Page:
By Shannon Garner
With Valentine’s Day rapidly approaching and the pandemic still going strong, it’s been hard for “love connections” to happen. A lot of people have had to resort to online dating in lieu of in-person courting. According to Statista, 30.4 million people use dating apps in the United States. But there’s a large percentage of people looking for love who aren’t able to begin a digital romance because these apps aren’t digitally accessible. Did you know that 26% of our population has some kind of disability?
Now is the time to make sure your app is accessible, and it’s important that you’re not missing out on that business. You need to ask yourself: Is a person with a disability able to access their inbox messages? Do they get a written description of the person’s profile picture that they are looking at? Are people with disabilities able to access all the active elements on the app? These are some things that you should ensure people with disabilities are able to do.
During my investigation of various dating apps currently on the market, I’ve found a lot of disturbing things. Turns out that most of them have some serious accessibility issues, and are pretty difficult to use.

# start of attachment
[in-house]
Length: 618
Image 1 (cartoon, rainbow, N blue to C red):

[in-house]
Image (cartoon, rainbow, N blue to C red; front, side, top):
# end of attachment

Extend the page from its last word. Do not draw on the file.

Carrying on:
The most damaging of these issues are unlabeled elements such as buttons, images, and links. It is extremely important to make sure that you have correctly labeled elements, and those elements do exactly what they’re supposed to do.
For example, what if we have a profile link for John and we would like to select it to learn more about him. How is it possible that the link to John’s profile says Jack instead? How is it possible that when we try to click on the link nothing happens? Or what if we are able to click on the link, but it takes us to the profile for Jimmy. These are things that should not happen. Not only is it bad practice to have an inaccessible app, but it’s also bad business. Do you really want to miss out on the additional clients if your app was accessible to everyone?
By the way, in writing this post, we came across a dating app called Blindly. No, it’s not for people who are blind or visually impaired. In fact, it’s the opposite and quite ironic if not offensive to some people. This app uses the notion of going on a blind date and creating the first impression as a blurred video so you don’t “judge a book by its cover.” Wow.
Moral of the story: if you’re providing a service, you have to make sure that service is available to everyone. Accessibility should always be considered in the designing stage of any new venture, but as we can see, that’s not always the case.
A lot of people out there may not know what we mean by “making your app accessible” and need assistance with learning more about accessibility. That my friends is why Ablr is here, and we are more than happy to help.